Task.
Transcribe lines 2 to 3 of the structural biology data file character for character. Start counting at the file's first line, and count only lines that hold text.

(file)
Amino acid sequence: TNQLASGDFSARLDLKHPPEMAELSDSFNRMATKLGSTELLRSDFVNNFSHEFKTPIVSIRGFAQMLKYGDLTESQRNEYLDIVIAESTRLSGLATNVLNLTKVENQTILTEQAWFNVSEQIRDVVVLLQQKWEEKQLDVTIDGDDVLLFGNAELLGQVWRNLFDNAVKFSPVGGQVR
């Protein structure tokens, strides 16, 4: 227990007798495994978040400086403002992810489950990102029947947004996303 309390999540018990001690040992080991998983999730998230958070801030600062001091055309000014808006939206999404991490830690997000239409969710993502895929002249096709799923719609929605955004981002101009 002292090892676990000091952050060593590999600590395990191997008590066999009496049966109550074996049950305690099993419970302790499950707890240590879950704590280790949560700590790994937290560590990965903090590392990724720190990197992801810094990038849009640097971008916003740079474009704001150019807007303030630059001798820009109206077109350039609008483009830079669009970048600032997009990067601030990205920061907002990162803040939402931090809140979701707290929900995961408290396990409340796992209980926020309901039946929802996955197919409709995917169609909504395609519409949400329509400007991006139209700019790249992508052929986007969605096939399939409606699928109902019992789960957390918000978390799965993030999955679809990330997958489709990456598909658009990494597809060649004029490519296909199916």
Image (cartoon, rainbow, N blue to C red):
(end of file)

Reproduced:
């Protein structure tokens, strides 16, 4: 227990007798495994978040400086403002992810489950990102029947947004996303 309390999540018990001690040992080991998983999730998230958070801030600062001091055309000014808006939206999404991490830690997000239409969710993502895929002249096709799923719609929605955004981002101009 002292090892676990000091952050060593590999600590395990191997008590066999009496049966109550074996049950305690099993419970302790499950707890240590879950704590280790949560700590790994937290560590990965903090590392990724720190990197992801810094990038849009640097971008916003740079474009704001150019807007303030630059001798820009109206077109350039609008483009830079669009970048600032997009990067601030990205920061907002990162803040939402931090809140979701707290929900995961408290396990409340796992209980926020309901039946929802996955197919409709995917169609909504395609519409949400329509400007991006139209700019790249992508052929986007969605096939399939409606699928109902019992789960957390918000978390799965993030999955679809990330997958489709990456598909658009990494597809060649004029490519296909199916």
Image (cartoon, rainbow, N blue to C red):